When an exhibition is introduced as aiming to “unsettle the convention of the ‘explanation’, to foster an empowering, uncertain and open series of encounters”, it can go one of two ways: be rich in meaning and ideas, or have very little meaning at all.
Entering Rob Kennedy’s Acts of Dis Play, you are struck first by the dislocated title and then by the impressive scale of the exhibit: A large tree rises up to the ceiling, a section of scaffolding juts out into the room, and small paintings are placed on huge planks of wood. There is ‘shrapnel’ at the edge of every work, and in every corner of the room. Distorted patterns of light glare out from splintered screens. Our senses are awakened, alert to every detail.
Yet it appears there is little worth being alert to, here in Edinburgh’s Talbot Rice Gallery. The video displayed in the second room again holds your attention; yet the sequence of amusing amateur videos pulled from the internet do not align to form a clear idea.
Of course, the gallery states that lack of clarity is the artist’s intention, yet in this case claiming ambiguity seems to be a cover for lack of depth. The literature for the show makes this all the more apparent. The small pamphlet goes between describing a scene of intellectual posturing between the artist and the curator, and sounding like an art history textbook. Kennedy probably thought he was being clever and ironical, by mocking that which he is inevitably a part of. Yet the whole endeavour lacks purpose and substance: it exists in a vacuum of intellectual boredom.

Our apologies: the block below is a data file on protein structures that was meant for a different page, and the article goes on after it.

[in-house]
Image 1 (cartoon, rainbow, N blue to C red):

This kind of self-awareness is only interesting when the artist is examining both individual and wider human experience. Instead, without anything grounding it, Kennedy’s work gets caught up in the vapid cycle of his own creation. Acts of Dis Play would have been better staying on the surface, because it turns out there are only shallow waters beneath it. Is this pamphlet of universal mockery an act of deliberate self-sabotage? If so, the artist succeeded and gained nothing from it.
At Talbot Rice Gallery, Until 17th December